Bringing up the past is generally unhelpful when trying to resolve a problem. It is more likely to increase defensiveness, anger, and resentment at a time when goodwill and affection are necessary to find the win-win solution you want.
Although I find this to be a valuable ground rule, my views on it are a bit different from other mental health professionals. Sometimes today's problem is a continuation of an ongoing problem. This is common where alcoholism, addiction, or abuse are present. It's also present when basic incompatibilities exist in a relationship.
When an underlying problem is the source of today's problem, resolving the current issue is a temporary fix at best. When this is the case, two problems exist but only one should be addressed at a time. Both people should be made aware of the topic to be addressed when they agree to sit down to a discussion rather than when the discussion begins. Ambushing another person will never gain their cooperation!
Chronic behaviors that cause secondary problems are very difficult to address. The chart below illustrates that when neither person thinks there's a problem, there isn't one. When they both agree that there's a problem, they have a problem to solve together. Both of them have reason to want a solution. However, if one person perceives a problem and the other doesn't, the one who perceives it has a problem that's his or her own problem.
Who Owns the Problem?
HIM: "This isn't a problem."
HIM: "This is a problem."
HER: "This is a problem."
HER: "This isn't a problem."
When a chronic problem exists, one or both individuals may be in denial to varying degrees.
Fair fighting cannot resolve chronic problems where denial exists. It may make life more bearable temporarily, but the denial that's present will prevent it from repairing a damaged relationship. In these circumstances, a third party like a marriage counselor or member of the clergy may provide additional help.
Fair Fighting Requires Active Listening
A wise woman once said, "The listener sets the tone of a conversation." She was right. When we feel as if someone hears us, we don't need to raise our voices. When another person says, "I get what you mean," we don't feel a need to be defensive.
Start your fair fighting discussions as a good listener to establish an atmosphere that is supportive and caring.
Active listening is another important skill to develop for harmonious relationships. Because our minds think far faster than speech communicates thoughts, we have to slow our brains down a bit to be good listeners.
Instead of anticipating what you want to say while the other person is still speaking, stop and reflect on their words for a moment. Do you truly understand what they mean? Put their thoughts into your own words and ask them if you've captured the meaning they wanted you to understand.
Once they've confirmed that you understand, explain what is right about their viewpoint. You don't have to agree with them to show them that you "get it." You can say something like, "If I thought those things, I'd feel the same way" or "If I felt that way, I'd have the same thoughts you're having."
Validating your spouse shows them that you respect them and are taking time to understand them.
Paying attention to distractions, communicating negative thoughts with facial gestures like eyerolls and smirks, or interrupting our partners have the opposite effect. They degrade communication and stop progress dead in its tracks.
Attitude is Everything
When couples respect and admire each other, using fair fighting techniques isn't even necessary. It happens naturally, without such formalities as preset times for discussion or ground rules.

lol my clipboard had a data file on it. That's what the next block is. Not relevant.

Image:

You or your spouse might understand this instinctively, and feel awkward about taking a step toward formalizing your communications. However, when stumbling blocks arise in your relationship, these techniques can help get you and your partner over the hump that's wedging itself between you.
There is one technique to fair fighting that I haven't mentioned, even though it's one of the first principles most guides on the subject present: using "I" statements. The formula is to describe the feelings you experienced when an event occurred, such as "I felt hurt when you didn't call to tell me you'd be late."
I've found that I statements have value only to the extent that they avoid placing blame. Unfortunately, they can be a pretty way to package and deliver blame in a less direct manner. This has the potential to sabotage your efforts to fight fair whether you're delivering or hearing these misleading statements.
It's better, in my opinion, to simply agree to avoid blame. When blame creeps into a discussion, a simple reminder like, "Can you rephrase that so it doesn't sound like you're blaming?" can redirect it back to the topic in a way that lets you focus again on win-win solutions.
Blame is an attitude that hurts relationships. A positive attitude toward each other is far more beneficial. To maximize the benefits of fair fighting, try to recall how you felt when your relationship was new and your attitude was one of eager interest in your partner. Remember how you sought to understand their thoughts, their beliefs, their values? Remember how their happiness was as important to you as your own? Can you revive that attitude today? Will you be able to revive it if fair fighting helps you resolve problems faster and better?
Can your partner remember and revisit that same open, accepting attitude when you start problem solving together?
One way to promote positive attitudes is to focus on our partner's good traits and remind them that we're aware of them as frequently as possible. is one of the world's foremost relationship experts. In his studies on long-term happily married couples, he discovered a ratio of five positive interactions for each negative one. Challenge yourself to make this a part of your daily interactions to regain a positive attitude and make fair fighting techniques something that comes naturally to your relationship. John Gottman, PhD.,